Today I watched Michael Powell and Emeric Pressburger’s A MATTER OF LIFE AND DEATH (1946, Michael Powell & Emeric Pressburger) as part of my required viewings for my British Cinema module in university. It is their second film that I watch after The Red Shoes.
It’s a nice film, but as with The Red Shoes I had the impression that the film was more of a fun and naive piece of entertainment rather than the deep and meaningful drama I expected. The resolution where “love wins everything, even death” is so clichéd. Besides, this is one of those narratives in which main characters are afraid of death despite it is clear to them that an afterlife exists: if it is so, what there is to be afriad of, and what sense of urgency there could ever be? In fact, if I was to be sure that there is eternal life after death, I would gladly slaughter the most people I can before offing myself! Wouldn’t that simply solve everything?
There is a film that I watched last September that I really enjoyed but I waited till today before talking about it because I couldn’t find the right picture. Now that I own the Blu-ray, here is the screenshot(s) that I was looking for. If I was able to make animated gifs, I would have made one.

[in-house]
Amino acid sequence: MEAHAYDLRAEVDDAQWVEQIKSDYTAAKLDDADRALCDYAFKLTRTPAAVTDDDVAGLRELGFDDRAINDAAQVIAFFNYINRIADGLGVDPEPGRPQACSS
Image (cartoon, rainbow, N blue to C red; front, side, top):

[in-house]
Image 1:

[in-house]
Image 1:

The film is Tarsem Singh’s THE FALL, a work of love that it took him four years to put together, travelling around the world in breathtaking locations to get the best shots without the aid of computer generated imagery. And it paid off, because every single shot of this film is perfect, and the whole film could be regarded as a textbook for directors who want to learn all the tricks of the job. It is just too bad, however, that such an amazing feat for the eyes is stabbed to death by a weak story, which renders all the visuals forgettable for a general public already used to expect anything from the screen.
The sequence that I liked the most is a transition between two shots where the cut is so seamless it is almost impossible to spot. The camera spins around a blue butterfly pinned in a box above a layer of velvet, and as it does so it fades to an island of the same shape.
This is movie magic.
My research for my film continues. Tonight I watched WRISTCUTTERS: A LOVE STORY, another film about suicide suggested me by the script writer.
Unlike The Sunset Limited, this film doesn’t take itself too seriously, and the act of suicide is only used as an excuse to tell a weird, fantasy story which doesn’t even try to investigate the reasons behind such an extreme act. I think the journey undertaken by the characters is meant to be seen as their own inner journey towards a better understanding of what are the good things in life, but in the end the story and the dialogue are too weak to say something that’s actually meaningful.
The visual style is not bad, but nothing really special. I don’t think I will consider this film as a “source of inspiration” for my project.